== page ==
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Monday, 21 May 2012

Telecoms Operators Lobby NCC Over N1.17 Billion Service Quality Fines,






 Top managers of the four sanctioned telecoms operators met with officials of the Nigerian Communications Commission (NCC) last Friday to lobby the regulator over the N1.17 billion fines imposed on them for rendering poor quality service to subscribers in the months of March and April, Daily Trust learnt at the weekend.

The telecoms sector regulator had on May 11 ordered MTN Nigeria and Etisalat Nigeria to pay N360 million fines.

It also said Airtel Nigeria should pay N270 million while Globacom, Nigeria's second national operator was ordered to pay N180 million.

The mobile phone companies were also ordered to pay their respective fines not later than May 25 or risk a fresh round of punitive fines pegged at N2.5 million per day if they default in meeting Friday's payment deadline.

Daily Trust learnt at the weekend that the operators met at the NCC corporate headquarters in Abuja last Friday "to plead with NCC to drop the fines against them and also discuss with the NCC boss the grave implications of going ahead to implement the fines against them."

But an NCC source who told Daily Trust about the meeting, said the "Executive Vice Chairman of NCC is not likely to give in to the pressures from the telecom operators executives."

The source who pleaded not to be named, said NCC's EVC would not drop the fines "because the Senate is on his neck and has ordered NCC to ensure that operators pay the fines."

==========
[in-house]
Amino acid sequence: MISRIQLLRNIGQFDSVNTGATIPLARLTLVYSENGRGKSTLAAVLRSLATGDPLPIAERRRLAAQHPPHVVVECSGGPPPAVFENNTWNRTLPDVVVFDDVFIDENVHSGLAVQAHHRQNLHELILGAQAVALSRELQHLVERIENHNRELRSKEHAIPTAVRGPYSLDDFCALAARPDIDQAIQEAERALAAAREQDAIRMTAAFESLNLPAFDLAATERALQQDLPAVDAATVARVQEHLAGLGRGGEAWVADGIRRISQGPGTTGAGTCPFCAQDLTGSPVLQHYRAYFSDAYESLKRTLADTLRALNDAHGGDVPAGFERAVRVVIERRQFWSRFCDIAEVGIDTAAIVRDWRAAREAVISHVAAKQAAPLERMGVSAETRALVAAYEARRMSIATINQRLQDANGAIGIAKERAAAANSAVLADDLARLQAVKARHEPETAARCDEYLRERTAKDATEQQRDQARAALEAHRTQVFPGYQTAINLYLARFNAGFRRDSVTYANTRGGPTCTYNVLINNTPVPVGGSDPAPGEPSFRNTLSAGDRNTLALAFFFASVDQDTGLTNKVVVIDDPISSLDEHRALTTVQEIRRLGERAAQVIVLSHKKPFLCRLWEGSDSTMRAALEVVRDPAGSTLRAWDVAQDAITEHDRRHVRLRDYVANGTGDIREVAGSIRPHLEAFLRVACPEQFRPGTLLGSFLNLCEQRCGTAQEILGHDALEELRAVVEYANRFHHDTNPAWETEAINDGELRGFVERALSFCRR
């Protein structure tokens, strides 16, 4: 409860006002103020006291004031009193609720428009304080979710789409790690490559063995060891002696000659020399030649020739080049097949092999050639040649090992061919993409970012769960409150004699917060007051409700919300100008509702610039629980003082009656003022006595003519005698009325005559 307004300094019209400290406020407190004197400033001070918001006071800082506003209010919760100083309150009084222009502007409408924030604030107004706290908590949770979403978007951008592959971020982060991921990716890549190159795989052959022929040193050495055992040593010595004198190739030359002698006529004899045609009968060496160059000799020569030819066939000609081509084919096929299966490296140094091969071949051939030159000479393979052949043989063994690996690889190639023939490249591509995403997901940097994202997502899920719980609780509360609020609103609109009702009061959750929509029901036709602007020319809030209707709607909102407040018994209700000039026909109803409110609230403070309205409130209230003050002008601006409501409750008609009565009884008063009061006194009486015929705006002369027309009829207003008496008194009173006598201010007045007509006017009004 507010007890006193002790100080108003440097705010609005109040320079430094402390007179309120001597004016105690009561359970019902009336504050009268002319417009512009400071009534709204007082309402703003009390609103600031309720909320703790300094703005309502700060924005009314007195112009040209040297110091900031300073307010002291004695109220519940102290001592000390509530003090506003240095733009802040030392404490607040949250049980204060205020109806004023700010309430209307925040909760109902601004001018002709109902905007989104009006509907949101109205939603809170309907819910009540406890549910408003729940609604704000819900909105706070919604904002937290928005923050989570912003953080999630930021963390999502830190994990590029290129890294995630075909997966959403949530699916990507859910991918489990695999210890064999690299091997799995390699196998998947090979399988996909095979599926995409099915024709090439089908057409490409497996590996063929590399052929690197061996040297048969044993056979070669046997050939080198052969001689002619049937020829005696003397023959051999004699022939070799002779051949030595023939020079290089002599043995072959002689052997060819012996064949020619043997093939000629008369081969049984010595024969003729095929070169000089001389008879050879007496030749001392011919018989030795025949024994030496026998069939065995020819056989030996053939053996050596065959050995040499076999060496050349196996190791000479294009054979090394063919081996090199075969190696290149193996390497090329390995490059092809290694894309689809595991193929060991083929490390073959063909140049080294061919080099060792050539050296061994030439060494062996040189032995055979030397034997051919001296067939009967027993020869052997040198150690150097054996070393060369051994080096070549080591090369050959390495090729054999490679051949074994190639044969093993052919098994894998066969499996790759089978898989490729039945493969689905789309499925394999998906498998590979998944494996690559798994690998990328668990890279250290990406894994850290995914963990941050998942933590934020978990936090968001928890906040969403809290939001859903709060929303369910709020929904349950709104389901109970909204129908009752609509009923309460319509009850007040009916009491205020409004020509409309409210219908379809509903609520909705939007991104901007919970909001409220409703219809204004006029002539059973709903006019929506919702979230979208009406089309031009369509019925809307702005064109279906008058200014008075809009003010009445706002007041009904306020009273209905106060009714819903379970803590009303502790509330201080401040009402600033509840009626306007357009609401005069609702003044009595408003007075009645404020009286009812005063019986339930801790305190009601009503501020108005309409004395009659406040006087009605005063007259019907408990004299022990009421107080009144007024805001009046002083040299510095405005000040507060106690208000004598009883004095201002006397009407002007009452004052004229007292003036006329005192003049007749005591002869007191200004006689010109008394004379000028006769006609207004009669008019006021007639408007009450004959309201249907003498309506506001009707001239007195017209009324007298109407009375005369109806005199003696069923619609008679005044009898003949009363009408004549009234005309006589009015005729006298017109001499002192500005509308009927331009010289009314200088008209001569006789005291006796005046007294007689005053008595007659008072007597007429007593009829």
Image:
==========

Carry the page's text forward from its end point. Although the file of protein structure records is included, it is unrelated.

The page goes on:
But Reuben Mouka, the NCC spokesman denied that any meeting took place between NCC officials and the telecoms operators with a view to dropping the charges against them.

In a telephone interview with our reporter yesterday, Mouka said, "who told you that there was a meeting? Let me tell you, as far as we are concerned, there was no meeting between us and the operators over the N1.17 billion fines."

MTN Nigeria, Globacom, Etisalat and Airtel Nigeria, said in a joint press statement on Friday that, "fines will not bring about the desired service quality improvements or offer a lasting solution but will merely deplete essential resources that would otherwise be deployed for network roll out."

The operators called on the government and telecoms administration in Nigeria to work in harmony towards continued promotion of investment in the telecoms sector.

"We wish to use this medium to call on the NCC, the National Environmental Standards and Regulations Enforcement Agency, the Minister of Communication, the National Assembly and the Office of the National Security Adviser to work in harmony to put in place an environment in which we can continue our substantial investments in pursuit of delivering world class telecommunication networks", the four companies said in the joint statement.

The four companies said that they have invested over N1 trillion within the last decade in building and enhancing their networks and plan a further N400 billion in 2012 alone on further network spending.

"We are all equally frustrated and concerned about the failures to meet customer expectations and needs with respect to the quality of service. Nigeria deserves and needs first class telecommunications networks. We thus apologize unreservedly to you, our customers, for those occasions when you have been disappointed or inconvenienced by a lapse or failure to deliver the requisite level of quality of service. We, however, believe that it is necessary to explain the major challenges we face as operators and ask for your understanding and support", they said.